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During the War seven women from very different backgrounds find themselves together in the Auxiliary Territorial Services. They are soon drilling, driving lorries, and manning ack-ack batteries. Written by
Jeremy Perkins <firstname.lastname@example.org>
The locomotive pulling the carriages from the Southern Railway London terminus where the women board, is a different class locomotive seen later in the film prior to their arrival at the Army base. See more »
I am a great aficionado of 1940s -50s black and white movies, but I am afraid this one seemed like a lead balloon. The premise was interesting
Leslie Howard as an almost God - like figure looking down on the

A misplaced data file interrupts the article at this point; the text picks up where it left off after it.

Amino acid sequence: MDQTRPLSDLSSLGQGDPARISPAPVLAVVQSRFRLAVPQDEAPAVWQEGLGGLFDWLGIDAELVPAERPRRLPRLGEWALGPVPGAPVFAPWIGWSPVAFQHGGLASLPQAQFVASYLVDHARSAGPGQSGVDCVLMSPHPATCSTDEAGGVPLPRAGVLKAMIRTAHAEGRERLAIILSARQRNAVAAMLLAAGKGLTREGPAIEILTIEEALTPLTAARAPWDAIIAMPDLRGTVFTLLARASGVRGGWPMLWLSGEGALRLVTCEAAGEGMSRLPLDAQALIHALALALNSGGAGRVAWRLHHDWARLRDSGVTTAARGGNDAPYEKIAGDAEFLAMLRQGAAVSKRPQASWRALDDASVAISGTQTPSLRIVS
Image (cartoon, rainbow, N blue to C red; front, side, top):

milling crowd and selecting his characters -and I settled back for an interesting story to unfold. I waited in vain. Not only did very little happen (which can still mean an excellent movie)but there was very little character development. I ended up with the feeling that women were basically rather boring, spineless creatures, which is surely the antithesis of what the film was trying to achieve? I've seen so many films from this era and later where we see women as they really are, innovative, brave,tender, funny,witty. It's the first time I've seen Lilli Palmer as a quiet colourless creature. There were endless opportunities for fun/tragedy/drama,etc, which just didn't materialise. Even the music hall song was flat and stale. Perhaps in its time it might have worked as a propaganda film purely to show that women can be successful in the army but apart from this I'm afraid it was a non -starter and I gave it the thumbs down.
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